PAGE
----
Having a large market with clear regulations and developed infrastructure is a key prerequisite for business success. We wanted to create an environment of this kind within a new integration body, the Eurasian Economic Union, which, at this point, includes Russia and four other countries.
Together with our EAEU partners, Russia is interested in broad cooperation with the ASEAN countries. The first full free trade agreement between the EAEU countries and an ASEAN member state, Vietnam, came into force last year. We have recently completed talks on a similar agreement with China, and there is ongoing discussion of the creation of a multilateral free trade area between EAEU and ASEAN. We are also conducting separate talks on this matter with specific ASEAN countries.
Russia belongs to the Asia-Pacific Region in terms of its geopolitics, history and economy. Promoting cooperation with all countries within the region and contributing proactively to resolving regional issues is a strategic priority for us.
Question: Russia has achieved great success and a high level of competence in infrastructure technology. What role can Russia play in accelerating the implementation of the Master Plan on ASEAN Connectivity 2025 and strengthening cooperation between Russia and our region in this regard?
Dmitry Medvedev: We are willing to provide our infrastructure capacities to all ASEAN economies. This includes airports and seaports, railways, roads, pipelines, powerlines and high-speed communication channels.
These opportunities may be available with due account for prospective cooperation, even more so because in the past years a wide range of major infrastructure project have been completed.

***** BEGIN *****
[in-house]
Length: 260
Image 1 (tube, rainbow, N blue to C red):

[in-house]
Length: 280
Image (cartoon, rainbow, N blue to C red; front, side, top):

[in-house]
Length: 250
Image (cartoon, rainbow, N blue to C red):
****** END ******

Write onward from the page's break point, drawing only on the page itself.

We are currently preparing for the 2018 World Cup that Russia will be hosting next year.
We also see great potential in developing the Northern Sea Route. We have improved the major corridors in our country, including the Baikal-Amur Mainline and the Trans-Siberian Railway that connect Europe and Asia. We also continue to develop international transport corridors. All of our experience is available to our ASEAN partners.
For example, Russian Railways is participating in a large project to build complex infrastructure in Kalimantan (Borneo) in Indonesia, including a new railway and a coal transport terminal.
There are examples of investment in Russian infrastructure. In particular, Singapore’s Changi Airports International has invested in the development of an air hub in Vladivostok.
Question: What is Russia’s strategic stance regarding the ASEAN Economic Community?
Dmitry Medvedev: The ASEAN Economic Community is a partner with great potential and with a substantial degree of regional integration.
Of course, there are many challenges for ASEAN countries, including drastic gaps in socioeconomic development. There are difficulties in logistics and transport. There is instability and increasing favouritism in the markets. All these threats affect the ASEAN Economic Community as well. But I am certain it is possible to mitigate these.
This is our idea of cooperation between Russia and ASEAN. The trade between Russia and the ASEAN Economic Community is still rather low and remains under $15 billion a year. Trade has increased by one-third in the past year but the potential is much higher, perhaps ten times greater.
Last year in May, the ASEAN-Russia Summit in Sochi became a milestone in our relations with ASEAN. I hope it will also give a strong impetus to building a strategic partnership between our countries, the Eurasian Economic Union and the ten ASEAN economies.